One in seven charity workers are paid below the real living wage, a lower rate than across the economy as a whole, according to the Living Wage Foundation’s (LWF) latest report.
A higher proportion of charity sector workers are being paid the real living wage than at any time in the past five years, the report found.
Some 14.1% of jobs in the third sector pay below the real living wage, which recommends that workers are paid £9.90 an hour across the UK or £11.05 in London.
Coupled with the cost-of-living crisis, the foundation argued that low paid third sector workers “risk being swept away”.
The real living wage, calculated according to what LWF deems the true cost-of-living to be, contrasts with the government’s National Living Wage, which rules people over the age of 23 to be paid a minimum of £9.50 an hour with no London weighting.
LWF: A decrease in low-paid workers may not be as positive as it seems
The charity sector has a lower proportion of low-paid jobs (14.1%) than the private sector (22.1%) but higher than the public sector (5.5%), whereas 17.4% of workers are paid below the real living wage in the public and private sectors combined.
From 2015 to 2021, the proportion of employees earning below the real living wage in the charity sector has gone from 16.9% to 14.1%, but this drop of 2.8 percentage points is less than half the decline in that time for the rest of the UK economy.
The Living Wage Foundation said though there was a decline in low-paid third sector workers, this may not have been purely due to an increase in pay.
With the Covid-19 pandemic, low-paid workers were more likely to become unemployed, making the scale of low-pay decrease since the crisis. Instead of workers enjoying pay increases, it may be due to their being less low-paid workers in the labour market altogether.
Women and young people more likely to be low-paid
The report found 16.6% of women in the charity sector are paid below the real living wage, compared to only 10.3% of men.
Of all low-paid jobs in the sector, 71.3% are held by women. Women are more likely to work in the sector, and more likely to be low-paid within it, the report found.
Some 58.4% of 16–19-year-olds are paid less than the real living wage in the charity sector, LWF found.
People aged 30-34 are the least likely to earn below the real living wage in the sector, with under 10% on low pay.
This may be because the government’s mandatory national minimum wage is the lowest for younger people. However, LWF argues young people should be paid the real living wage for doing the same work as those older than them.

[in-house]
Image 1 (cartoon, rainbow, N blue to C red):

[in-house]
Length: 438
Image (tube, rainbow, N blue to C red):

Ethnic minorities are more likely to be low paid
Certain ethnic groups, such as Pakistani, Bangladeshi, Black African, Black Caribbean and Black British groups are more likely to earn below the real living wage in the sector.
Geographically, the report found the highest level of low pay in the sector is located in the North and Midlands.
Levels of workers paid below the real living wage are 19.4% in the North West, 18.8% in the East Midlands, and 17.8% in the West Midlands.
‘Everybody needs a wage that meets their everyday needs’
Katherine Chapman, director of LWF, encouraged third sector employers to commit to providing the real living wage.
She said: “Many low paid third sector workers faced enormous pressures to make sure the most vulnerable people in society were supported during the pandemic.
“Now, despite already struggling to keep their heads above water, the one in seven third sector workers still paid below the real living wage face being swept away by the rising tide of high living costs.
“Everybody needs a wage that meets their everyday needs, but it can’t be right that so many of those who look after our loved ones and the most vulnerable in society are struggling to afford even the basics.
“We strongly encourage all those third sector employers that can afford to do so to commit to pay a real Living Wage and for funders to provide enough to support real living wage jobs through the grant-making process. The real living wage is a lifeline for workers during these difficult times – and will help ensure a sustainable and resilient sector in the future.”
The All Work and Low Pay report was produced by the LWF. The data was gathered through quantitative research of the Annual Survey of Hours and Earnings, the Labour Force Survey and Omnibus polling of more than 2,000 UK adults over 18. Qualitative interviews with third sector workers and their employers also informed the research.